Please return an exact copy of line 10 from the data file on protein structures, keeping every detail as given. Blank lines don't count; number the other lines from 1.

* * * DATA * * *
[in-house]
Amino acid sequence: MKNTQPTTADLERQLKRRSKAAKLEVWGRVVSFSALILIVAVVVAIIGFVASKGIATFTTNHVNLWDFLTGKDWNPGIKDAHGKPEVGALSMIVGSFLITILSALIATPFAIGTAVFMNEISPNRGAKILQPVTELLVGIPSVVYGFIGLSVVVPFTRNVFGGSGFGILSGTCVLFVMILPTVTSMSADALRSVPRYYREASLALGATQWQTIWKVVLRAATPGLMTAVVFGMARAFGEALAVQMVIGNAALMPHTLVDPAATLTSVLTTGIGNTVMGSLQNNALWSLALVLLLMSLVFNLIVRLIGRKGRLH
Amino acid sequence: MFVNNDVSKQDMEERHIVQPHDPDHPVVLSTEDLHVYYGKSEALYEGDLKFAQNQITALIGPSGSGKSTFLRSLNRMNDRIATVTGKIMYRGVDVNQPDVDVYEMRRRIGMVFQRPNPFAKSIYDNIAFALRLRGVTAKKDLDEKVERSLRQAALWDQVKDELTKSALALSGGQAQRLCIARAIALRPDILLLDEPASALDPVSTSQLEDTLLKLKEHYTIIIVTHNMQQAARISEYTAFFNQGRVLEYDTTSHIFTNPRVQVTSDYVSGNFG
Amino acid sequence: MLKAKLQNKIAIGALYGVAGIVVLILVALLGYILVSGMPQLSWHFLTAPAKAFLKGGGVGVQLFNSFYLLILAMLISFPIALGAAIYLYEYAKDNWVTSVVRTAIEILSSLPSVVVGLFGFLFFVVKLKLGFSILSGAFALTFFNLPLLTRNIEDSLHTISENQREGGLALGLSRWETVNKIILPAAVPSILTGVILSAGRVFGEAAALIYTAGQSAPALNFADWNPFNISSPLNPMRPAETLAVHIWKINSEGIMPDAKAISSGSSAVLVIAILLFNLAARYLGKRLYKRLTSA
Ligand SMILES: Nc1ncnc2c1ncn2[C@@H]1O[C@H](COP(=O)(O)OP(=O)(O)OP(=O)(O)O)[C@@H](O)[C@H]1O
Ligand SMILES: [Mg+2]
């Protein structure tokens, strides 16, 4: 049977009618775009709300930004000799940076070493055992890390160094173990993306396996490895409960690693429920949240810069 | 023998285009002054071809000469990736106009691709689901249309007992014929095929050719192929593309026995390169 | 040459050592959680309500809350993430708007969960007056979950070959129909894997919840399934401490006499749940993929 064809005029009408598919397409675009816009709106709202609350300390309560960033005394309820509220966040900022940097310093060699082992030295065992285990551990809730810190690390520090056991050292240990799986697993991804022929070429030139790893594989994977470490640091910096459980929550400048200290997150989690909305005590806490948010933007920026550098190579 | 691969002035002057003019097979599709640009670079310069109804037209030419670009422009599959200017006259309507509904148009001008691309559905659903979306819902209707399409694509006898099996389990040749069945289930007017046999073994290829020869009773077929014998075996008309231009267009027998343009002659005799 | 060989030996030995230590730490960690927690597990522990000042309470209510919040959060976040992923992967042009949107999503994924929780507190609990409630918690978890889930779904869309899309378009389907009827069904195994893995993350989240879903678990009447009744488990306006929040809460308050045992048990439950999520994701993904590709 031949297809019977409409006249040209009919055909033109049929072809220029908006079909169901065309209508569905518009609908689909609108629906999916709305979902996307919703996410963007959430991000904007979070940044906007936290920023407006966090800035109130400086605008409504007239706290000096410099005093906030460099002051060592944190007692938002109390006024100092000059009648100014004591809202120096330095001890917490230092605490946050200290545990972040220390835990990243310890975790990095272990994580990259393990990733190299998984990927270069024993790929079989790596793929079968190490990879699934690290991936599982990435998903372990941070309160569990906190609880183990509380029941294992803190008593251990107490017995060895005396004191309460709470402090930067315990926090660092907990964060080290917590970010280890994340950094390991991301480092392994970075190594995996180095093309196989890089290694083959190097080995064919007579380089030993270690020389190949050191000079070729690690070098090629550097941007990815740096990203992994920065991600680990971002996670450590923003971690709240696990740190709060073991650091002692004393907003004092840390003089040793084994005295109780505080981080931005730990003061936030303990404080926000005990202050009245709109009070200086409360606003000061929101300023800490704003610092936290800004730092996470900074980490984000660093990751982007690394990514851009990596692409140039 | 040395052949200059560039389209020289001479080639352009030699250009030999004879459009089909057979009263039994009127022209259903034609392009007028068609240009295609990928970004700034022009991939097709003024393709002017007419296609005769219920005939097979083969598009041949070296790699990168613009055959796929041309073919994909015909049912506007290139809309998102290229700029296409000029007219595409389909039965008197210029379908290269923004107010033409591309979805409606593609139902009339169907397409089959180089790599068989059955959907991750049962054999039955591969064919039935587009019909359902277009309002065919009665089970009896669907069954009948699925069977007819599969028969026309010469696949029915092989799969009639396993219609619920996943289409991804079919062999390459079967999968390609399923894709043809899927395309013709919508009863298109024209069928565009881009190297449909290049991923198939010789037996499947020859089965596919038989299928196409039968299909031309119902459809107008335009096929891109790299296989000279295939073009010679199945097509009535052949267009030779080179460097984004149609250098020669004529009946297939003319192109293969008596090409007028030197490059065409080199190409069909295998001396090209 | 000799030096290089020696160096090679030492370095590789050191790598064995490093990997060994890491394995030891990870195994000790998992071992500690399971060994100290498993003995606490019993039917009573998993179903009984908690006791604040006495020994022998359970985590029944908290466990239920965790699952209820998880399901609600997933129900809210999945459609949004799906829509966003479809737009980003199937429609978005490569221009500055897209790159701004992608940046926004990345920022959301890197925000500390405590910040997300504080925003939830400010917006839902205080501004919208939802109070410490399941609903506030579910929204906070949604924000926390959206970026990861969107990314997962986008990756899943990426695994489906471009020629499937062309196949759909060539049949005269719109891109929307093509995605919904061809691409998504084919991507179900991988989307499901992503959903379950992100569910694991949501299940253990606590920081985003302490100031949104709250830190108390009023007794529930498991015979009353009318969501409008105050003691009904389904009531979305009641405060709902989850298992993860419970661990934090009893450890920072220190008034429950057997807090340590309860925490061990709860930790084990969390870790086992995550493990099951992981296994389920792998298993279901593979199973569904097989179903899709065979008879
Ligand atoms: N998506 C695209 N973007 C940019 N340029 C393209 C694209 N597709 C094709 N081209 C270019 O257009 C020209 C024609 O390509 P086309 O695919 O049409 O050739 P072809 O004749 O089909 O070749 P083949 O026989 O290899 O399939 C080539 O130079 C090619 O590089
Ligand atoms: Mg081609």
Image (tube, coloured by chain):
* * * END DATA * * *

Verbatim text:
Image (tube, coloured by chain):